In light of the controversial statements made by Sadhvi Pragya Thakur, who is contesting Lok Sabha elections 2019 from Bhopal, eight former DGPs have come forward to put out a joint statement against the BJP candidate from Bhopal.
Thakur, who has been fielded by the ruling party against Congress bigwig Digvijay Singh, recently said that former Maharashtra Anti-Terrorism Squad (ATS) chief Hemant Karkare, who was martyred during terrorist gunfire during the 26/11 attacks in Mumbai (2008), had died because she has "cursed" him. After widespread outrage, Thakur said she is "taking back" her words as they were benefiting the Opposition.
Responding to the statement, eight former Director Generals of Police have put out a statement, condemning Thakur and her statement as "despicable and regrettable".
"Hemant Karkare fell to terrorist bullets on 26/11 in the line of duty while defending his country," the statement read. It further outlined how Karkare could possibly been alive today had he not rejected the cushy posting at the Centre to continue working with the ATS. "The country owes him a huge debt of gratitude. Anything that detracts from this is worthy of strong condemnation," the joint statement asserted.
The statement has been issued by retired DGPs across various states including Julio Ribeiro, of Punjab, Prakash Singh who was DGP of UP Assam and also part of BSF, P.K.H. Tharakan and Jacob Punoose of Kerala, Kamal Kumar, the DGP National Police Academy, Hyderabad, Sanjeev Dayal of Maharashtra, Jayanto N. Choudhury, DGP Assam and NSG and N Ramachandran of Meghalaya.
Apart from condemning Thakur's statements, which she has since retracted, the statement also called the nation's attention and focus to the sacrifices made by the county's police forces, including men and women police officers who are always ready to lay down their lives in the line-of-duty, often in return for minimal fanfare or negligence.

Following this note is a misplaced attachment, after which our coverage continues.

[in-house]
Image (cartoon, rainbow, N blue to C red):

The DGPs felt that Thakur's statement only highlighted the public apathy toward the sacrifices made by the police force. They focused on the need to "publicly recognise the supreme sacrifice made by the 35,000 police personnel from all corners of India who since Independence have laid down their lives in the line of duty".
These personnel are often under-resourced and often working 24x7 under challenging conditions. "These brave men and women have unflinchingly answered the call of duty, even when it called for the ultimate sacrifice," the statement read.
The DGPs further requested all political parties who are campaigning for the 2019 elections to not forget these martyrs and those that survive them while seeking votes. Candidates can do this by seeking out families of martyrs in their own constituencies or by adopting police stations.
Pragya Sadhvi is an accused in the 2008 Malegaon blast case that left 6 dead and 101 injured. According to a report in The Indian Express, some of the allegations that the Maharashtra ATS against Thakur includes her bike, which was allegedly used to carry the IED for the blast, and other points such as her presence at a controversial meeting in Bhopal, her interactions with the alleged bombers. The case was taken over by the National Investigative Agency (NIA) in 2011 which eventually dropped several charges under Maharashtra Control of Organised Crime Act (MCOCA) against her. Thakur is currently out on bail.